We live in a democracy. We are all free to speak our minds and have an opinion. If we feel so strongly about a particular subject we have the right to perhaps write a letter to a national publication or post our ventings on a social media platform. If we chose the latter and make our feelings known on the internet, there are no infocops who edit the content, check it’s credibility or verify the claims. You, as a reader must take it with a pinch of salt and, if necessary, if it doesn’t sit well with you, you can prove or disprove it by research at your leisure.
Now say there is a letter in the inbox of a national newspaper and it catches the editorial team’s eye and they publish it. It turns out that the letter is full of falsehoods and it does nothing but discredit the publication. Or so you may think. Trouble is, if it’s in the newspaper, many people will suppose that it’s got to be true, won’t they?
A jpeg arrived in our inbox today of a letter to the Editor of a Cape Town newspaper. This particular letter had been given a great deal of prominence within the letters page, pretty much letter of the weekend. It was written by a doctor, presumably a learned man, a person used to research and information gathering. He has the unenviable job of being a GP in one of Cape Town’s most notorious gangland suburbs. He must see a great deal of sadness and strife in a suburb of the Cape Town metro that has areas which are impoverished & crime ridden. Drug use is rampant among a disillusioned, unemployed youth, drug related crimes are out of control and the authorities battle to keep society safe.
In his letter he mentioned addictions and addicts. This particular area has an extremely high use rate of alcohol, methamphetamine ‘tik’, methcathenone ‘kat’, heroin & heroin mixtures such as ‘nyope’, and mandrax. Ordinarily, cannabis (dagga) would also be on this list of toxic, dependence producing substances, if you are to go with the doctor in the newspaper’s opinion. He sees nothing but negativity and suffering surrounding drugs in his community. He sees families torn apart by substance abuse. He must be an angel to do his job in such an environment & we do not blame him for lumping dagga with all the other drugs but it is time to set the record straight.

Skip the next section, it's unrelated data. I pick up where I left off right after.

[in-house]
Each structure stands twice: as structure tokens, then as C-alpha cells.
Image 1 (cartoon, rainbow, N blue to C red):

The letter aired his concerns over the legalisation of Dagga. In his view it would be a grave mistake were it to happen in South Africa. He cited studies from around the world claiming amongst other things, dagga was ’20 times more carcinogenic than tobacco’, and suggested that because dagga was always smoked with tobacco, this obviously increased the likelihood of cancer. There were no references / links given for these ‘studies’. Nothing could be further from the truth. If the good doctor had bothered to do some 21st century research he would have been amazed at a completely different worldwide view that has emerged over the last ten years.
Cannabis has now been proved to treat an array of cancers, THC in fact helps maintain lung function. That is a lot of information for the doctor who’s been fed the evils of Dagga all his career to swallow.
He also suggested that the active ingredient (singular) in the plant was linked to heart attacks and by being under the influence of the plant a user was ‘twice as likely to have a road accident‘. Now, a little research on the doctor’s part would have revealed the plant has over 300 active ingredients and non of them have been linked to a heart attack. Nobody has ever died from ingesting cannabis. Furthermore, in the places around the world where dagga has been legalised or decriminalised, driving fatalities decrease but primarily because alcohol sales drop as people turn to a much safer non toxic form of relaxation and socialising. We all know too well the destruction to people and families alcohol has, and we also know the dangers tobacco poses to ones health. There’s a warning on the pack if you care to read it….